There are many ways in which a  building can be built in conjunction with the energy resources of the particular site. Whether a building is designed to consume a great deal of energy from a site with readily available resources, or its designed to conserve energy on a site where natural resources are scarce, most buildings these days are designed with some consideration of the growing green movement. Although there are extreme buildings types in both directions, I believe the most radical attempt to live “greenly” take form in structures built off the grid. These structures are built exactly how the title entails, completes separated from the main or national electric grid. Normally built in countries or areas with little access to electricity, these types of buildings can either be singular stand-alone systems (used for one building), or multiple buildings on one mini-grid which would provide a smaller community with the necessary electricity. In all cases these single buildings, or small communities live self-sufficiently, with zero reliance on one or more public utilities.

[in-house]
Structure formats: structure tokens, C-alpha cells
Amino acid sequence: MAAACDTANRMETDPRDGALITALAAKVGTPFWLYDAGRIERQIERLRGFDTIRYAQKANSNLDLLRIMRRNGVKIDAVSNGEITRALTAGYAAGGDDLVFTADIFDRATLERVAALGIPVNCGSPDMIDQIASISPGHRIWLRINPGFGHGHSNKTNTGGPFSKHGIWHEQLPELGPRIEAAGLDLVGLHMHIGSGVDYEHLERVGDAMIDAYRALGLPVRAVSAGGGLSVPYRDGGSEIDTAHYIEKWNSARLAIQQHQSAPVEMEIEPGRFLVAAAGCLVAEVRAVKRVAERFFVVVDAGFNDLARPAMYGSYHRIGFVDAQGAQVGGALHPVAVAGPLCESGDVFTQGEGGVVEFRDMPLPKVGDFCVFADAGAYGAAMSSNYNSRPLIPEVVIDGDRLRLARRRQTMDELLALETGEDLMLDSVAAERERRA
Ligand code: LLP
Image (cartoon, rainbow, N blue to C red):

Although there are many examples of this type of building, spanning from many different countries, a rather important one is the EcoCenter at heron’s Head Park in San Francisco. San Francisco has always been at the forefront of urban planning and environmental innovation; however, there are still necessary green measures to be taken to make the city more livable. San Francisco began to push for a greener landscape in 1997 with a city-wide Sustainability Plan and in 1999 passed a more specific Resource-Efficient City Building Ordinance[1]. Although these codes help, there is still much room for improvement, especially in private sector development, where people have avoided taking the sustainable route due to tradition, building codes, expenses, and external costs. The EcoCenter is leading the green movement in San Francisco and educating the public at the same time.

The EcoCenter is located in Bayview Hunters Point, an area that has undergone extreme transformations over the past decades. In the mid-1800s, the neighborhood transitioned into an industrial hub with the construction of the city’s largest wastewater treatment facility, a power plant, and many other large scale industrial buildings. Just after World War II, the Radiological Defense Laboratory conducted research on the effects of radiation and decontaminated shipping vessels exposed during atomic bomb testing. Some of the radioactive waste was disposed of without safeguards in onsite landfills. About 40 years later, the shipyard used was declared a Superfund or “hazardous waste site in need of extensive clean up.” Residents continue to be effected by the exposure to hazardous substances in the air, soil and water. And the landscape, not yet recovered, is home to hundreds of brownfield sites. The EcoCenter was designed as a reaction to the contextual history.